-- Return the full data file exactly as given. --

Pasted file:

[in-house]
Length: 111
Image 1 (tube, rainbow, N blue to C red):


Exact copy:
[in-house]
Length: 111
Image 1 (tube, rainbow, N blue to C red):